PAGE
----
|Publication number||US4373923 A|
|Application number||US 06/103,844|
|Publication date||Feb 15, 1983|
|Filing date||Dec 14, 1979|
|Priority date||Dec 14, 1979|
|Publication number||06103844, 103844, US 4373923 A, US 4373923A, US-A-4373923, US4373923 A, US4373923A|
|Inventors||Thomas C. Kilwin|
|Original Assignee||Umc Industries Inc.|
|Export Citation||BiBTeX, EndNote, RefMan|
|Patent Citations (6), Referenced by (37), Classifications (6), Legal Events (2)|
|External Links: USPTO, USPTO Assignment, Espacenet|
The subject matter of this application is an improvement upon the subject matter set forth and described in the application of Duane W. Woltjen, relating to Torque Limiting Overload Coupling, Ser. No. 841,364, filed on Oct. 12, 1977, now U.S. Pat. No. 4,174,621, and owned by a common assignee.
This invention relates generally to a coupling means for use in maintaining driving force to machinery during routine operations, and more specifically pertaining to an improved torque limiting overload coupling device that effects drive disconnection and curtails machinery rotation with reduced incidence of damage to the operating components of said coupler, and the machinery at large.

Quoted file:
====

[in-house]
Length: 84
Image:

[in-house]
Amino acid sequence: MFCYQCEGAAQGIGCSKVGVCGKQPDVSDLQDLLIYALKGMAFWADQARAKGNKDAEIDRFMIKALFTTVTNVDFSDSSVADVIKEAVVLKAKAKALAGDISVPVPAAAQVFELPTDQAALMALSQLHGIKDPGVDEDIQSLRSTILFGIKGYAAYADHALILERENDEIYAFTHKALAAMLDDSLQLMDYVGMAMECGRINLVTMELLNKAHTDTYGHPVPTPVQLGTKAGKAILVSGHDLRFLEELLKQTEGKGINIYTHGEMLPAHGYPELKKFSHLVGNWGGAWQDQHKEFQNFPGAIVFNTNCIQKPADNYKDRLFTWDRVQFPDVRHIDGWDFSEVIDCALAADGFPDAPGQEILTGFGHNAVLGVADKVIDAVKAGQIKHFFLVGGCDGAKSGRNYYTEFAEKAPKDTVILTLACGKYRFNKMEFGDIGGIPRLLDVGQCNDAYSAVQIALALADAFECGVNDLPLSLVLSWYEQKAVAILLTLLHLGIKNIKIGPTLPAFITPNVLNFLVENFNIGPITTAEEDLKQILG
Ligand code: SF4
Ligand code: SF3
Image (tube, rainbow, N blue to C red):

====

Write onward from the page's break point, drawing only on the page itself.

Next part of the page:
There are a significant number of a variety and styles of associated shaft, flange, and dial type of coupling devices that are available in the prior art, and usually these devices are provided for interconnecting between the drive shaft of a motor, its speed reducer, or the like, and the main driven shaft for supporting components of the machinery apparatus being revolved. Many of these coupling devices are constructed in the category of flexible type couplings, and any of a variety of said connectors are designed for providing a transmission of the driving or rotational force or torque from a drive shaft to the intended driven shaft, but yet being capable of disconnection in the event that a binding force creates an excessive torque that prevents or significantly reduces turning of the component upon which work is being performed. In addition, safety means have on occasion been designed into these type of couplings, functioning in the manner as safety devices to prevent the exertion of excessive torque forces upon the driven means or shaft from damaging the drive means or shaft and its prime mover, or even from causing damage to the tool functionally performing some work upon a work component mounted upon the machinery, or from exerting excessive torque thereon in the first instance. Many of these safety devices have been designed in the category of machanically activated torque couplers, and as can be seen in the U.S. Pat. to Schultz, No. 2,771,171, a variety of magnetic pole pieces are arranged within a rotor means and normally effect a revolving of a driven member and its axial shaft for furnishing force transmission for rotation of a pair of axial shafts, but yet in the event that excessive force is applied to one of the shafts then the magnetic means is disengaged for curtailing the rotation of the driven shaft. The shown mechanically operated torque coupler of this U.S. patent, while it may be effective in its operations, is quite dissimilar from the mechanically actuated torque limiting means of the current invention.